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\LARGE
\textbf{CS 473: Algorithms, Fall 2016}
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\textbf{HW 9 (due Tuesday, November 15 at 8pm)}
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\noindent
This homework contains three problems. {\bf Read the instructions for
submitting homework on the course webpage}.
\noindent {\bf Collaboration Policy:} For this home work, each student
can work in a group with up to three members. Only one solution for
each group needs to be submitted. Follow the submission instructions
carefully.
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For problems that ask for a linear-programming formulation of some problem, a full credit solution requires the following components:
\begin{itemize}\itemsep0pt
\item
A list of variables, along with a brief English description of each variable. (Omitting these English descriptions is a Deadly Sin.)
\item
A linear objective function (expressed either as minimization or maximization, whichever is more convenient), along with a brief English description of its meaning.
\item
A sequence of linear inequalities (expressed using $\le$, $=$, or $\ge$, whichever is more appropriate or convenient), along with a brief English description of each constraint.
\item
A proof that your linear programming formulation is correct, meaning that the optimal solution to the original problem can always be obtained from the optimal solution to the linear program. This may be very short.
\end{itemize}
It is \textbf{\textit{not}} necessary to express the linear program in canonical form, or even in matrix form. Clarity is much more important than formality.
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For problems that ask to prove that a given problem $X$ is NP-hard, a full-credit solution requires the following components:
\begin{itemize}\itemsep0pt
\item
Specify a known {NP}-hard problem $Y$, taken from the problems listed in the notes.
\item
Describe a polynomial-time algorithm for $Y$, using a black-box polynomial-time algorithm for $X$ as a subroutine. Most {NP}-hardness reductions have the following form: Given an arbitrary instance of $Y$, describe how to transform it into an instance of $X$, pass this instance to a black-box algorithm for $X$, and finally, describe how to transform the output of the black-box subroutine to the final output. A cartoon with boxes may be helpful.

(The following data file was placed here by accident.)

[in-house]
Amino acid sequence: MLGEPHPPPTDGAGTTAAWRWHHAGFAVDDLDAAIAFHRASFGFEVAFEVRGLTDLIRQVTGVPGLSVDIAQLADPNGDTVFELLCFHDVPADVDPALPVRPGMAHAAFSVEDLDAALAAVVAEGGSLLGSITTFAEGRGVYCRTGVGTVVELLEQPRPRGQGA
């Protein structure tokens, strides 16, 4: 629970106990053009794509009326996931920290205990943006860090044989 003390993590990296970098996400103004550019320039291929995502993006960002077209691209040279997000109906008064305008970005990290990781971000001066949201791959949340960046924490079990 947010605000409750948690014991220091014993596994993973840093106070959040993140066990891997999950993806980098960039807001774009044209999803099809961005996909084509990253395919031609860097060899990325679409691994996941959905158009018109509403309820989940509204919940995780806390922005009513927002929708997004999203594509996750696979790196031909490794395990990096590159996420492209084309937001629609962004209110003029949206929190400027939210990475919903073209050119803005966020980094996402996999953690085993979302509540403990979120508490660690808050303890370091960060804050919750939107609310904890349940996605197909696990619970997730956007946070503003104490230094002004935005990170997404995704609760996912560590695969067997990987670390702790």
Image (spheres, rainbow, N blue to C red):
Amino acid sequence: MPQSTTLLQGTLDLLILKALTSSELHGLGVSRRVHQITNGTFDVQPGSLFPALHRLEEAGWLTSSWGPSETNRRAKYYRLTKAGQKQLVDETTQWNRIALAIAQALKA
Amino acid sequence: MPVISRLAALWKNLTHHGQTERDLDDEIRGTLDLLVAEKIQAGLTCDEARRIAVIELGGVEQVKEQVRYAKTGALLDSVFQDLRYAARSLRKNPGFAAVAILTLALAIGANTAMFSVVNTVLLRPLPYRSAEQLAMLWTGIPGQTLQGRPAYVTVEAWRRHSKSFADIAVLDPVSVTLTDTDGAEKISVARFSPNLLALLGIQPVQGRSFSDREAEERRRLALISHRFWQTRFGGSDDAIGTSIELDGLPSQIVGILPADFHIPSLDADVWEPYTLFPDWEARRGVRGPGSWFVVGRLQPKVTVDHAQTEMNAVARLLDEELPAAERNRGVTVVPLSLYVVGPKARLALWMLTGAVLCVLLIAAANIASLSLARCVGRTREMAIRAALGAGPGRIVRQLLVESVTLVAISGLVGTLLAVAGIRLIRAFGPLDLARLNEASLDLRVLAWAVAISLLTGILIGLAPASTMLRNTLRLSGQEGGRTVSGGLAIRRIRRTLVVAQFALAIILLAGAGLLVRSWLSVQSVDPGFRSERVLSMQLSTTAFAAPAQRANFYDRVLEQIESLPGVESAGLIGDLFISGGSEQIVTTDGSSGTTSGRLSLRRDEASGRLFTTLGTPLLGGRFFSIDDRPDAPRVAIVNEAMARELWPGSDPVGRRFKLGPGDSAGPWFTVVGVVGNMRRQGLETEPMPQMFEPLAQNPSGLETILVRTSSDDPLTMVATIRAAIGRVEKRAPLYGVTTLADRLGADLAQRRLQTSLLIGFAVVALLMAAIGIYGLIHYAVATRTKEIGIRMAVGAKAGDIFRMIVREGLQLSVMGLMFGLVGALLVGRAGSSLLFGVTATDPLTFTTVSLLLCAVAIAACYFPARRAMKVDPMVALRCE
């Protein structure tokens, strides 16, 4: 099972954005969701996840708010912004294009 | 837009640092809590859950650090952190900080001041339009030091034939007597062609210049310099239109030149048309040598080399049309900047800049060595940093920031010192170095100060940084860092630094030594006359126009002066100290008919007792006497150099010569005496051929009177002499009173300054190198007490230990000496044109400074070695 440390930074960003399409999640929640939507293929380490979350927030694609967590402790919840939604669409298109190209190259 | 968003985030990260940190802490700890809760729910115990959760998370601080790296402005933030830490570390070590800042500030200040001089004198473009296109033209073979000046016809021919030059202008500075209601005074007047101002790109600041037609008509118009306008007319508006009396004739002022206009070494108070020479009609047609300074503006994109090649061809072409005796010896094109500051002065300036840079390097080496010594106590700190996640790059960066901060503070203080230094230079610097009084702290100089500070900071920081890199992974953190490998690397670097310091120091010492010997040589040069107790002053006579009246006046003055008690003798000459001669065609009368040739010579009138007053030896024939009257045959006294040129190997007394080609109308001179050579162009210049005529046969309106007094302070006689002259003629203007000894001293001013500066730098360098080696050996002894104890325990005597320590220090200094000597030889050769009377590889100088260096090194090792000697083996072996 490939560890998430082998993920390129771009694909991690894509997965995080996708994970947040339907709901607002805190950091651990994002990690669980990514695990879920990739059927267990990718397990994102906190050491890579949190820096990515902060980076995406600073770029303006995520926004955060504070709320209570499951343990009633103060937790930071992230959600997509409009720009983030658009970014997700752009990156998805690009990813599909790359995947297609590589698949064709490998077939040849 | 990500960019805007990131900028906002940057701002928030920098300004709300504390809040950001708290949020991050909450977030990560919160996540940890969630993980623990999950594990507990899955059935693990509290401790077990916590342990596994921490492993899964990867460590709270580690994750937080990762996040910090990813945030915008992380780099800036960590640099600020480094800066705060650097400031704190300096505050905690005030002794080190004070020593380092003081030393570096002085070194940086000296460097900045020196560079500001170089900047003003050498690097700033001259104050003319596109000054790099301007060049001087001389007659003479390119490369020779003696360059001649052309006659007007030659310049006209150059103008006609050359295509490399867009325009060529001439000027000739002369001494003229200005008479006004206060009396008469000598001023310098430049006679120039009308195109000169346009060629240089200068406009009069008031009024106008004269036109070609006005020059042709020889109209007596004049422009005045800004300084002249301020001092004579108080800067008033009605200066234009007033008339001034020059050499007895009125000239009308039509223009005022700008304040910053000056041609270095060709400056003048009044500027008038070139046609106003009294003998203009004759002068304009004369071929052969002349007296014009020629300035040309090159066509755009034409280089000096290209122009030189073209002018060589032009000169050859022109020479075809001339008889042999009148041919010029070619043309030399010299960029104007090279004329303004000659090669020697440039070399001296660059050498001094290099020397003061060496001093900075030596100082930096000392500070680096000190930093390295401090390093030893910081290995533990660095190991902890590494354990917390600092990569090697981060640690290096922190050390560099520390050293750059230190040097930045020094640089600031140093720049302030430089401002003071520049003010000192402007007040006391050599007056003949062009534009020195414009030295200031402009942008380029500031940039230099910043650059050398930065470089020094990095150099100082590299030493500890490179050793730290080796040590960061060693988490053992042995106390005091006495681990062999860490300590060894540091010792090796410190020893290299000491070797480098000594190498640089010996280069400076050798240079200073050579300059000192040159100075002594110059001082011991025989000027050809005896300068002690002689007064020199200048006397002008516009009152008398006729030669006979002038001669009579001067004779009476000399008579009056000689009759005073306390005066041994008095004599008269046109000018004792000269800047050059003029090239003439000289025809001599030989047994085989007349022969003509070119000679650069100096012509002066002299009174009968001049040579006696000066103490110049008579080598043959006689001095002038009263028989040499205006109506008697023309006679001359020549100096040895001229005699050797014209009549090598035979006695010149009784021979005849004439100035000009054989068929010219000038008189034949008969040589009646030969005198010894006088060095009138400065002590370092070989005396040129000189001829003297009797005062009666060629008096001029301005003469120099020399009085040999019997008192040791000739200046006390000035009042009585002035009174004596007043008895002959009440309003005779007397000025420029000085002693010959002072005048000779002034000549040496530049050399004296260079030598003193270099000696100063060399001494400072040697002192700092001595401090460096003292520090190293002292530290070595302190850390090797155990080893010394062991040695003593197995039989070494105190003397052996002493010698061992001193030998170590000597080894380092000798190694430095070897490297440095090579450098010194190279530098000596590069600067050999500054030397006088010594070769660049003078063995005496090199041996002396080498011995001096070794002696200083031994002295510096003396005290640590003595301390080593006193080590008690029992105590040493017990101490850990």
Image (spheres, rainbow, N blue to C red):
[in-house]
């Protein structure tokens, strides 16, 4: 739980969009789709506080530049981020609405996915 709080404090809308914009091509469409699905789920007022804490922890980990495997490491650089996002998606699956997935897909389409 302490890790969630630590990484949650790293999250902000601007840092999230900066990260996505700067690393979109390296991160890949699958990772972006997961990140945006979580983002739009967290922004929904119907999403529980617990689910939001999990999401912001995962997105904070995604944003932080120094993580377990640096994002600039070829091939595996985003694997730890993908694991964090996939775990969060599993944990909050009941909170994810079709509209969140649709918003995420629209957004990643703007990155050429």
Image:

\item
Prove that your reduction is correct. As usual, correctness proofs for {NP}-hardness reductions usually have two components (“one for each f”).
\end{itemize}
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\begin{enumerate}
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\item Given points $(x_1,y_1), (x_2,y_2),\ldots, (x_n,y_n)$ in the
plane the {\em linear regression problem} asks for real numbers $a$ and
$b$ such that the line $y = ax + b$ fits the points as closely as possible
according to some criterion. The most common fit criterion is minimizing
the $L_2$ error, defined as follows:
$$\eps_2(a,b) = \sum_{i=1}^n (y_i - ax_i - b_i)^2.$$
But there are several other fit criteria, some of which can be optimized
by linear programming.
\begin{itemize}
\item The $L_1$ error of the line $y = ax + b$ is defined as follows
$$\eps_1(a,b) = \sum_{i=1}^n |y_i - ax_i - b|.$$
Describe a linear program whose solution $(a,b)$ describes the line with
the minimum $L_1$ error.
\item The $L_{\infty}$ error of the line $y = ax + b$ is defined as follows.
$$\eps_{\infty}(a,b) = \max_{i=1}^n |y_i - ax_i - b|.$$
Describe a linear program whose solution $(a,b)$ describes the line with
the minimum $L_{\infty}$ error.
\end{itemize}
{\bf Comment:} In general the points can be in $\mathbb{R}^d$ for some $d$
and in that case one fits a hyperplane. We are here considering the simple
case of $d=2$.
\item The facility location problem is the following. There is a set
of $n$ facilities $F$ and $m$ clients $C$. The cost of openining a
facility $i$ is $f_i$. There is a cost $c(i,j)$ to connect client
$j$ to facility $i$. The goal is to open a susbet of the facilities
and connect each client to an open facility. The objective function
is to minimize the sum of the facility opening costs and the
connection costs. Write an integer linear programming formulation
for this problem using two sets of decision variables, one set for
opening facilities, and one set for assigning clients to open
facilities. Prove that it is sufficient to constrain only the
facility opening variables to be integer valued. Such a problem is
called a mixed-integer programming problem.
\item A directed graph $G=(V,E)$ is {\em strongly
connected} if for all $u,v \in V$ there is a path in $G$ from
$u$ to $v$ and from $v$ to $u$. The {\sc Strongly-Connected
Spanning Subgraph} problem is the following: given a directed
graph $G=(V,E)$ and an integer $k$ is there a spanning subgraph
$H$ of $G$ with at most $k$ edges such that $H$ is strongly
connected? A subgraph is spanning if it contains all the vertices of
the original graph. Describe a reduction to show that {\sc
Strongly-Connected Spanning Subgraph} is NP-Complete.
\end{enumerate}
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{\bf The remaining problems are for self study. Do \emph{NOT} submit for grading.}
\begin{itemize}
\item Suppose we have a linear program $\max c x, A_1x \le b_1, A_2x=b_2, A_3x \ge b_3, x\ge 0$. What is its dual?
\item See Problem 3 in HW 8 from Jeff's home work
last spring. \url{https://courses.engr.illinois.edu/cs473/sp2016/hw/hw8.pdf}
\item See HW 5 from Chandra's graduate algorithms course in Fall 2011.
\url{https://courses.engr.illinois.edu/cs573/fa2011/Homework/hw5.pdf}
\item See HW 8 from Sariel's course in Fall 2015.
\url{https://courses.engr.illinois.edu/cs473/fa2015/w/hw/hw_08.pdf}.
\end{itemize}
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